Report reflects desire for unity, Canadian Anglican primate says

The report of the Eames Commission on the unity of the Anglican Communion reflects a “positive will” to keep the international church together, says Archbishop Andrew Hutchison, Primate of the Anglican Church of Canada.

In a statement released shortly after the report was made public, Archbishop Hutchison said it is “significant” that the commission issued a unanimous report, despite the fact that its members “cover a broad spectrum of geography, culture and theology”.

The commission, under the leadership of Archbishop Robin Eames of Armagh, was established by the Archbishop of Canterbury about a year ago, to study how the Communion can be kept together despite divergent theological views.

The unity of the Communion has been strained by the blessing of same-sex unions in one diocese of the Canadian church, and by the ordination of a gay bishop in the U.S. Episcopal Church.

Archbishop Hutchison said in his statement that the Eames report would be considered at a meeting of Canadian bishops later this month, and by the Anglican church’s chief governing council when it meets in November [2004].

The full text of Archbishop Hutchison’s statement follows:

“This morning I received a copy of the report of the Lambeth Commission on Communion (Eames Commission).  The Commission was created by the Archbishop of Canterbury Rowan Williams and chaired by Archbishop Robin Eames of Armagh, the senior Metropolitan in the Anglican Communion.  Its mandate was to maximize the Communion within the worldwide Anglican family despite significant theological differences.

The Commission members cover a broad spectrum of geography, culture and theology.  Their meetings have been totally in camera with no interim reporting to the Communion.  It is significant that the Commission has submitted unanimous recommendations in spite of the cultural and theological differences of its members.  This indicates that there is a positive will to maintain the unity of the diverse Anglican Communion.  The fact that Commission members can speak with one voice holds open the door of hope that our Church can, with prayer and dialogue persevere in seeking unity.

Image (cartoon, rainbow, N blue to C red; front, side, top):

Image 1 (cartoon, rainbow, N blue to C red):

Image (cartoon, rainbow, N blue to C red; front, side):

It is now incumbent upon us, the Canadian Church, as it is for all provinces of the Anglican Communion to study the document and its recommendations. In keeping with the nature of the Anglican Communion, each province is entitled to respond with its own voice and from its own cultural and theological context.  We look forward to hearing responses from all Anglican provinces.

The bishops of the Anglican Church of Canada will receive a copy of the report today and it will be discussed at our next House of Bishops meeting in Saskatoon from November 1-4 [2004].  As well the commission report will be on the agenda of the Council of General Synod when it meets at the end of November [2004].  The report will also be distributed to Dioceses across Canada for study and comment.  We have set up a mechanism to receive feedback and will look forward to receiving comments from Anglicans and our ecumenical partners.  I will be able to share these thoughts when I meet with the other Primates of the Anglican Communion in Belfast, Northern Ireland in February [2005].”

Andrew Hutchison, Archbishop and Primate


Interested in keeping up-to-date on news, opinion, events and resources from the Anglican Church of Canada? Sign up for our email alerts .